Acknowledging increased competition from home health and home care providers, executives from long-term care companies said they’re focusing on innovation and creativity to compete for clients. The executives made the comments Tuesday during the Synergy Post-Acute Care Leadership Conference.
Forrest Peterson, CEO of Phoenix, AZ-based Bandera Healthcare, said during the pandemic that doctors have been pushing many patients into home care as a safer, cheaper alternative to long-term care. He acknowledged that could continue after the public health emergency ends, so companies like his need to focus more on sicker patients.
“I think pushing for a higher acuity is going to be very helpful to us,” Peterson said.
According to the National Investment Center for Seniors Housing and Care (NIC), senior housing occupancy in the U.S. reached a record low in the first quarter of this year, falling 1.8 percentage points compared to the last quarter of 2020. Peterson said it is too soon to tell if occupancy will ever return to pre-pandemic levels.
Still, the executives said Tuesday they were getting creative in competing with home care agencies for both clients and employees.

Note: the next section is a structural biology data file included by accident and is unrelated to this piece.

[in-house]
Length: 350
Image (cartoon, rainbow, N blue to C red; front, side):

Norman Rokeach, president of Marquis Limited LLC, said his assisted living and senior care facilities are offering workers more flexible schedules and ensuring staff get breaks. He said the company has also developed special facilities to appeal to various ethnic resident populations.
“We’ve developed in South New Jersey a Korean program, catering to the Korean population. In Massachusetts, we’ve developed a Spanish program where there is a very heavy Spanish population. In Pennsylvania, we have an Indian program, catering to the Indian community. So it’s really thinking outside the box,” Rokeach said.
While the home care industry has syphoned away business from senior housing providers during the pandemic, some operators of long-term care facilities see opportunity. Tim Fields, CEO of Ignite Medical Resorts, told the conference audience his facilities in the Midwest are seeing some patients returning after leaving for in-home care.
“In the Midwest, we don’t have very many sophisticated home health operators. We see a lot of them bouncing back to the hospital. We hear a lot of them aren’t doing well and they bounce back to our setting,” Fields said.